Hong Kong police make ‘dozens of arrests’ under new security law

Hong Kong police make ‘dozens of arrests’ under new security law

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Hong Kong police have made their first arrests under a new national security law, after police had issued warnings to protesters who had gathered at a shopping centre on Wednesday.

Hong Kong police said on social media that they had arrested more than 70 people on various charges, from unlawful assembly to violation of the national security law.

The first demonstrator to be detained was arrested for carrying a flag calling for Hong Kong independence.

The man was intercepted by police in the city’s Causeway Bay shopping district, as police used pepper spray to break up the protest, which took place on the 23rd anniversary of the city’s handover from the UK to China.

A water cannon to disperse the crowd. Police later arrested a woman for holding up a sign displaying the British flag and calling for Hong Kong’s independence.

Further arrests then reportedly followed.

The contentious new law approved by China came into effect on Tuesday night. It allows authorities to crack down on subversive and secessionist activity in Hong Kong, sparking fears that it would be used to curb opposition voices in the semi-autonomous territory.

Hong Kong police confirmed the first arrest in a tweet, adding in a subsequent post that they had raised a purple banner warning protesters that they may be breaking the law.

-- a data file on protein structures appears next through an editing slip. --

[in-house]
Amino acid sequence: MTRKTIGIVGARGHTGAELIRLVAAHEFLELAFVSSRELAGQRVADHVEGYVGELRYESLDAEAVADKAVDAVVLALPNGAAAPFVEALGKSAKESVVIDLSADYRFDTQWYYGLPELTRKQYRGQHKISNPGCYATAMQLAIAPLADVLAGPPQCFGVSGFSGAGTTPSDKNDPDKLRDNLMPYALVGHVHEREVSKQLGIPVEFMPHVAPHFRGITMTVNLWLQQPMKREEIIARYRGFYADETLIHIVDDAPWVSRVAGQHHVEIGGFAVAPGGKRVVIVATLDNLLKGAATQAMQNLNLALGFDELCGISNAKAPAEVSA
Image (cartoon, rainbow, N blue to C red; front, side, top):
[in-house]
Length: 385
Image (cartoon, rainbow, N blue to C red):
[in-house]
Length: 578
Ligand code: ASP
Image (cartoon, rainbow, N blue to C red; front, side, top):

China’s senior official in charge of Hong Kong affairs defended the new law on Wednesday. Zhang Xiaoming told a news conference it was necessary to correct the “deviation” in the understanding of the “one country, two systems” in Hong Kong.

“The central government has demonstrated enough political tolerance to adopt the ‘one country, two systems, in Hong Kong. You (the oppositions) can exist in the long run and have political dissents, including opposition to the government policies,” he said, adding that people were free to criticise the ruling Communist Party but could not “turn these into actions”.

Even shouting slogans or holding up banners or flags calling for the city’s independence is a violation of the law, regardless of whether violence is used.

It also covers terrorist activities, as well as foreign intervention in the city’s affairs. It follows months of anti-government protests that at times descended into violence last year.

China blasts Western condemnation

Zhang Xiaoming, the official Chinese spokesman, lambasted the Western reaction on Wednesday, saying the new law “did not concern” foreign countries and accusing those who were considering sanctions of thinking like “bandits”.

“We haven’t provoked you. What gives you the right to be aggressive with us?” he told reporters.

The European Union’s leadership said on Tuesday that it “deplored ” the adoption of the law and that it was “very seriously concerned” about it.

The law has met with strong opposition within Hong Kong and condemnation from former colonial ruler Britain, the US, the European Union and others.

Human rights groups have warned the law could target opposition politicians seen as insufficiently loyal to Beijing for arrest or disqualification from running in September elections for the Legislative Council.

Amnesty International described the legislation as “the greatest threat to human rights in the city’s recent history”.

China decided to use the National People’s Congress to enact the legislation after opposition within Hong Kong’s Legislative Council and within society as a whole made it impossible to pass at the local level.

The law is seen as the most significant erosion to date of Hong Kong’s British-style rule of law and high degree of autonomy that China promised Hong Kong would enjoy at least through 2047 under the “”one country, two systems” framework.__EuroNews

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